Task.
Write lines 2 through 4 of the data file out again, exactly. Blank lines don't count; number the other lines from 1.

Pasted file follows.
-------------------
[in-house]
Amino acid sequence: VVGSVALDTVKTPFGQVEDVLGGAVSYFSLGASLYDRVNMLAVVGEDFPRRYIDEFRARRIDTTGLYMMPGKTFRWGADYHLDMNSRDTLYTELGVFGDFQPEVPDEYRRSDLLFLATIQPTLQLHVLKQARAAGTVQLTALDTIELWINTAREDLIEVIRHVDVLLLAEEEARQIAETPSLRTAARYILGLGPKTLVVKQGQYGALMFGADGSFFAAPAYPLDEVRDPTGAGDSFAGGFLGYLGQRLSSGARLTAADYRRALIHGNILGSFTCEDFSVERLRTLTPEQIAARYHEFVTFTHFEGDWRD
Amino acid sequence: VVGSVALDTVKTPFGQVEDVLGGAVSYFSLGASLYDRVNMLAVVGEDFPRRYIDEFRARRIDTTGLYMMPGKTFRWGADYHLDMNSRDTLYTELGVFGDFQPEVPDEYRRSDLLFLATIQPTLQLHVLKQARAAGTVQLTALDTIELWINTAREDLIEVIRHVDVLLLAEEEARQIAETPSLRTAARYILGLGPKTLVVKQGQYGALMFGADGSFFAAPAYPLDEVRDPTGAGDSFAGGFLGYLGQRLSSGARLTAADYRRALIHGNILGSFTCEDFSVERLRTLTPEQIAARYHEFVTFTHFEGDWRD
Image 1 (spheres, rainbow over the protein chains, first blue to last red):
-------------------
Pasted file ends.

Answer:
Amino acid sequence: VVGSVALDTVKTPFGQVEDVLGGAVSYFSLGASLYDRVNMLAVVGEDFPRRYIDEFRARRIDTTGLYMMPGKTFRWGADYHLDMNSRDTLYTELGVFGDFQPEVPDEYRRSDLLFLATIQPTLQLHVLKQARAAGTVQLTALDTIELWINTAREDLIEVIRHVDVLLLAEEEARQIAETPSLRTAARYILGLGPKTLVVKQGQYGALMFGADGSFFAAPAYPLDEVRDPTGAGDSFAGGFLGYLGQRLSSGARLTAADYRRALIHGNILGSFTCEDFSVERLRTLTPEQIAARYHEFVTFTHFEGDWRD
Amino acid sequence: VVGSVALDTVKTPFGQVEDVLGGAVSYFSLGASLYDRVNMLAVVGEDFPRRYIDEFRARRIDTTGLYMMPGKTFRWGADYHLDMNSRDTLYTELGVFGDFQPEVPDEYRRSDLLFLATIQPTLQLHVLKQARAAGTVQLTALDTIELWINTAREDLIEVIRHVDVLLLAEEEARQIAETPSLRTAARYILGLGPKTLVVKQGQYGALMFGADGSFFAAPAYPLDEVRDPTGAGDSFAGGFLGYLGQRLSSGARLTAADYRRALIHGNILGSFTCEDFSVERLRTLTPEQIAARYHEFVTFTHFEGDWRD
Image 1 (spheres, rainbow over the protein chains, first blue to last red):